On December 7, 2021, the Consumer Financial Protection Bureau (“CFPB”) published its final rule (“Rule”) facilitating the transition away from LIBOR for open-end and closed-end consumer financial products. The Rule amends provisions of Regulation Z, which implements the Truth in Lending Act to allow for the transition from U.S. dollar LIBOR to the Secured Overnight Financing Rate (“SOFR”) and other alternative reference rates. SOFR is deemed compliant as a replacement index whereas other alternative reference rates must pass the “comparability” or “substantially similar” analyses discussed below.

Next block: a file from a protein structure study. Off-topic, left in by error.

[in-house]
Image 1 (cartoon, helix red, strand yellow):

This rule takes place with the backdrop that certain U.S. dollar LIBOR tenors ceased publication on December 31, 2021 and the remaining tenors will no longer be published after June 2023. The cessation of LIBOR has rightfully received more attention for its impact on commercial credit products because of its omnipresence in that market, but this transition will also have a significant effect on consumer credit products.
Closed-End Credit and the “Comparability” Analysis
At a high level, for closed-end credit products, the Rule (1) provides details on how to determine whether a replacement rate qualifies as a comparable index; and (2) makes a number of technical edits, which among other things, replace LIBOR references with references to SOFR.